NPR

In Wisconsin, some agricultural officials are playing the role of matchmaker. They're bringing together the state's cheesemakers with prospective international buyers for a unique speed-dating event, hoping, in part, to ease the tariff pain affecting Wisconsin cheesemakers. They are specifically targeting new markets in countries they don't usually sell to. It's especially timely because of retaliatory tariffs on dairy products from the U.S. by Mexico and China.

Primary voters in four more states — Connecticut, Wisconsin, Minnesota and Vermont — go to the polls on Tuesday.

This year's been dominated by talk of Democratic gains, but Tuesday, Republicans will pick nominees in several places where they hope to flip House seats and even governors' mansions.

Two Republicans who failed to win the White House are hoping voters will elect them to lead their states for a third time — but one is trying to make a political comeback after almost a decade out of office.

Janet Clark hopes to keep her dairy farm in the family. She inherited Vision Aire Farms from her parents, and now runs it with her younger brother.

The farm is idyllic, tucked away amid rolling green hills of corn and sunflower fields. One side of the farm holds a line of calves. They are individually fed by Clark's children and their cousins, playfully holding milk bottles for them to drink.

Supreme Court nominee Brett Kavanaugh shares one important view with President Trump: Both are deeply suspicious of any attempt to limit the president's power over executive branch officials.

That view could have important consequences for special counsel Robert Mueller's investigation into the Russian interference in the 2016 election, which includes allegations of collusion and possible obstruction of justice.

Updated at 7:05 p.m. ET

Paul Manafort's former business partner Rick Gates concluded three sometimes punishing days of testimony in Manafort's bank and tax fraud trial on Wednesday as prosecutors and defense lawyers battled over his credibility.

Gates spent the early part of the week corroborating prosecutors' version of events, but Tuesday afternoon and Wednesday morning, he endured a bruising cross-examination by Manafort's defense that touched on his admitted financial crimes and an extramarital affair.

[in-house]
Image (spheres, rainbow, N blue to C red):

Each year, Dylan Jennings harvests wild rice from the lakes and rivers near his home in northern Wisconsin. He and a partner use a canoe, nosing carefully through rice beds and knocking rice kernels into the boat's hull using special sticks.

"It's a really long process," he says. "It starts with identifying the area where you are going to go ricing and knowing those areas in a very intimate way."

Updated at 6:23 p.m. ET

Paul Manafort's former business partner Rick Gates took the witness stand on Monday for the most highly anticipated — and likely crucial — testimony in Manafort's trial on bank and tax fraud charges.

Gates worked as Manafort's right-hand man over the past decade, and prosecutors say he helped Manafort evade taxes and lie to banks to qualify for loans.

Updated at 6:15 p.m. ET

President Trump asked his attorney general to stop Robert Mueller's special counsel investigation Wednesday morning, as the first trial stemming from that investigation entered its second day.

Paul Manafort, Trump's former campaign chairman, is on trial in Alexandria, Va., for bank and tax fraud charges, not, as Trump noted in a Twitter thread Wednesday morning, for "collusion."

Updated at 4:55 p.m. ET

Congressional Republicans keep trying to downplay the possibility of a government shutdown this fall, just weeks ahead of midterm elections, even as President Trump returns again and again to that very scenario.

Updated at 7:33 p.m. ET

On the first day of Paul Manafort's trial, prosecutors sought to paint him as a man with absurdly extravagant taste who thought he was above the law, while the former Trump campaign manager's defense lawyers tossed blame onto one of his closest associates.

Most tax and bank fraud cases are built on stacks of bland business documents and Internal Revenue Service paperwork — hardly the stuff of international intrigue.

When Adam Stephens walked into his office in Milwaukee one morning in late June, he found messages complaining about the Birds. The deputy city attorney was not amused.

He went for a walk. "Within a couple of minutes, I found one parked on a sidewalk and was able to visually examine it and kind of figure out what it was," Stephens says.

Bird is the name of an electric scooter company. Unannounced, it dropped off somewhere between 70 and 100 rental scooters throughout Milwaukee, where it's illegal to ride motorized scooters in public.

The Trump administration is coming to the aid of farmers hurt by its own hard-line trade policies, announcing Tuesday that it will make an estimated $12 billion in government assistance available, including direct payments to growers.

The money comes after farmers, especially soybean growers, have felt the brunt of retaliatory tariffs placed on agriculture by China and other nations that the Trump administration has penalized with tariffs on imports.

President Trump threatened Iran in a late-night tweet on Sunday, responding angrily after Iranian President Hassan Rouhani criticized Trump and warned the American president not to "play with the lion's tail" and that "war with Iran is the mother of all wars."

Trump's tweet, posted in all-capital letters: "NEVER, EVER THREATEN THE UNITED STATES AGAIN OR YOU WILL SUFFER CONSEQUENCES THE LIKES OF WHICH FEW THROUGHOUT HISTORY HAVE EVER SUFFERED BEFORE."

With less than four months to go, how much are this year's midterm elections at risk for the kind of interference sowed by Russia in 2016?

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